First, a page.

2.5. Data Analysis

Statistical analysis of demographics, cognitive assessment and performance accuracy was performed using SPSS, Version 17.0 (SPSS Inc., Chicago, IL). Participant’s verbal responses to colour word stimuli were recorded for analysis of performance accuracy on the Stroop-fMRI task. Condition blocks with less than 75% accuracy were excluded from fMRI analysis. Errors were classified as incorrect, missed or corrected responses.

Spatial pre-processing and statistical analysis of the imaging data was carried out using SPM5 (Wellcome Department of Cognitive Neurology, University College London, England). The spatial pre-processing performed on the functional data was previously described in detail [17]. Statistical analysis was performed using the univariate approach of the general linear model [23] whereby the box-car reference function is convolved with the hemodynamic response function to account for the delay in the BOLD signal. For each participant, a design matrix was created with the rest periods, correct “Word” blocks and correct “Colour” blocks applied as regressors, in addition to the six realignment parameters. Error blocks were represented as separate regressors in the design matrix, though not used in any contrasts. Voxel-wise statistical analysis was then carried out to determine which voxels were activated by the different experimental conditions. Fixed-effects analysis was applied to each participant resulting in Statistical Parametric Maps (SPMs) for every contrast of interest, using a significance threshold of p = 0.001, uncorrected for multiple comparisons. Individual SPMs from each participant were then pooled together and entered into a random-effects analysis. A one-sample t-test was applied to investigate the within group activation level with a significance threshold of p = 0.05, uncorrected for multiple comparisons. To control for false positives, a spatial extent cluster threshold of 3 voxels was applied. The coordinates of voxels that survived the statistical threshold were entered into MRICro software [24], which uses an Automated Anatomical Labeling (AAL) template [25] to report the localization of the activation. Significant voxels reported in SPM5 are reported in MNI space, and the AAL template was created based on the anatomical parcellation of the spatially normalized single-subject, segmented high resolution T1 volume provided by MNI. Realignment parameters calculated from motion-corrected and non motion-corrected functional data were used to estimate participant motion during the experimental task.


3.1. Behavioural Results

Demographic descriptives and mean neuropsychological test battery scores are listed in Table 1. In the paper version of the Stroop task administered as part of the test battery, all participants were significantly better reading the word than naming the colour of the ink (p < 0.001).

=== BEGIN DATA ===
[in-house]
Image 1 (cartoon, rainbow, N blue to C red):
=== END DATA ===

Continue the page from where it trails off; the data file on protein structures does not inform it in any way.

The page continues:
Both non-motion corrected and motion corrected data were inspected to determine the potential influence of participant motion on the results. The average participant movement was estimated based on the rotation about and the translation along each of the 3 coordinate axes (x, y, and z). There was a mean (±SD) translation of 5.7 ± 4.39 mm and a rotation of 6.13 ± 2.74 degrees for non-motioncorrected acquired images. For the motion corrected acquired images, the mean (±SD) translation was 3.23 ± 2.95 mm and a rotation of 3.6 ± 2.21 degrees. Due to the smaller motion parameters in the motion corrected images, these images were used in the analysis of the func-

Table 1. Demographic descriptives and mean neuropsychological test battery scores.

tional data. The average motion is comparable to the dimensions of one voxel in the data.

Performance accuracy was assessed by looking at the number of errors made during the Stroop-fMRI task. The mean (±SD) total number of errors for the mild AD patients across all series was 50.33 ± 30.42. The mild AD patients made significantly more errors in the StroopfMRI task than cognitively normal older adults (mean total number of errors 8.00 ± 6.83) who performed the same task (p < 0.001) [17]. The mean (±SD) number of errors in the incongruent colour-word trials of Series 1, Series 2a and Series 2b were 11.47 ± 10.86, 25.20 ± 18.19 and 13.67 ± 14.02, respectively. Of the three incongruent colour-word series, Series 1 showed the fewest errors and Series 2a showed the most errors. Series 2b showed an improvement from Series 2a but had more errors than Series 1. The total number of errors by series comparing the AD patients to the cognitively normal older adults is displayed in Figure 2. There was no differrence in the number of errors across the incongruent “Word” and “Colour” conditions (p = 0.994) with a mean (±SD) of 25.13 ± 24.14 and 25.20 ± 19.88, respectively. When the number of errors by condition was stratified by Series, as shown in Figure 2, only Series 1 showed significantly more errors in the “Colour” condition than in the “Word” condition (p = 0.004). The mean (±SD) number of incorrect, corrected, and missed responses were 10.24 ± 12.39, 0.87 ± 0.94, 5.67 ± 7.00, respectively.

3.2. Imaging Results

Across the three incongruent series (Series 1, 2a and 2b), brain activation was significantly higher (i.e. greater number of active voxels) in the “Colour” condition than in the “Word” condition. The main contrast of interest was to identify which brain areas were more activated in the incongruent “Colour” condition than in the “Word” condition. The within-group analysis of the main con Total number of errors across the series

Figure 2. Total number of errors across the incongruent colourword series for cognitively normal older adults and mild AD patients. The distribution of errors across the three series was similar for both groups.